Nov 13, 2020 Message to Members
“…be silent for a moment.”
There is so much noise out there:
so many voices, so many opinions, so many competing positions. The static emanating
from south of the 49th alone is overwhelming, distracting, and
exhausting! Updates from our own Provincial Health Office and Dr. Henry elevate
the volume further. Community Facebook pages and other social platform chatter contribute
to the cacophony of swirling sound bites. The positive test numbers are rising,
new restrictions on social gatherings and travel have been introduced, and
other Canadian provinces are actively returning to more restrictive measures.
And squarely in the middle of this
week’s wall of white noise is the day ‘of our most sacred Remembrance.’
Although my grandparents did not
serve during conflicts of the 20th century, they were very connected
to the Royal Canadian Legion. Because of this, Remembrance Day was a
significant day in our house when I was growing up. My Uncle Vern played the
bagpipes; he would march on November 11th, playing with the band
while our family gathered. And for myself as an educator, the days in school
which led to November 11th have always included somber reflection,
punctuated by a school-wide gathering with its own vibrations. My thoughts this
year turned to what the sounds of Remembrance Day would be in our schools in
Two things really get me: the cap
toss in June, and the anthem on Remembrance Day. Without fail, I find myself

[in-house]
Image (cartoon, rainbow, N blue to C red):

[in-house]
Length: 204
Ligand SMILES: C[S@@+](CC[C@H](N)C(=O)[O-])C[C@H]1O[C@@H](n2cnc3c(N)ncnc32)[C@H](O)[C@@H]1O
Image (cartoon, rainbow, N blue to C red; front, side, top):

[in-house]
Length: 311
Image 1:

struggling to sing “…with glowing hearts…”. My throat closes with
emotion, every year. This year was no different as I stood at my desk in my
home office, and tuned in to the stream of my town’s service. While for the
first time in decades I was not present to hear the anthem sung by a chorus of
students, the anthem was sung!
It has been truly inspiring to
follow the work of our Principals and Vice-Principals as they have created and
supported innovative, respectful, and heart-felt observances throughout BC.
Virtual gatherings have included
classroom contributions, recorded and seamlessly woven together. When the tech
failed, skilled and wise teachers – prepared for every possibility, as always –
stepped forward with students ready to go live before the camera. Student
leaders honoured our fallen, and shared their gratefulness for the sacrifice of
so many. A Principal who was unable to bring students together for The Last
Post and Reveille instead brought the music to the students and
filled the corridors with the sound of bugles that flowed through each open
door and created that stunning moment of unity.
And then … there was silence.
If only for a moment or two, we
shared a silence this week. Perhaps in 2020, the moments of silence were
deeper, more reflective, and more profound. Perhaps we spent two minutes
thinking of sacrifice and its gift. Perhaps we spent two minutes thinking of
hardship and suffering. Perhaps we spent two minutes thinking about peace and
love and hope. And perhaps we were able to cut through the noise and realize,
while we are navigating very challenging times, there are worse things.
Keep well and stay safe.